Honors Program

University Honors

Date of Award


Thesis Professor(s)

Sean Fox

Thesis Professor Department

Health Sciences

Thesis Reader(s)

Erik Petersen


Staphylococcus aureus has developed resistance to several antibiotics including vancomycin, which is often used as a “last resort” treatment. There is an ever-increasing need to develop novel antimicrobial treatments to combat S. aureus and other drug resistant bacteria. Microorganisms are most often found in polymicrobial communities where they either exhibit synergistic or antagonistic relationships. Competition between microorganisms can lead to the discovery of new antimicrobial targets as the specific mechanisms of resistance are elucidated. In addition, synergistic treatments are being evaluated for their combined effect and potential to decrease the concentration of drugs needed, and thus the side effects also. Alcaligenes faecalis is a microorganism that our lab has previously shown to inhibit S. aureus and other various bacterial species. In this study, we found that A. faecalis reduces the planktonic growth of S. aureus by 94.5% and biofilm growth by 76.6%. A. faecalis also has a synergistic effect when paired with bacitracin to reduce the planktonic growth by 99.9% and biofilm growth by 99.7%. Transposon mutagenesis was successfully performed on A. faecalis, and loss of function mutations were attained. Two mutants were no longer able to inhibit the growth of Staphylococcus aureus, Candida albicans, or Bacillus megaterium. Further analysis and genomic sequencing of these mutants is needed to determine the gene(s) that were interrupted and the mechanism of A. faecalis’ antimicrobial activity. The findings of this study may aid in the identification of new therapeutic targets for novel S. aureus treatments.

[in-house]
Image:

East Tennessee State University

Document Type

Honors Thesis - Withheld

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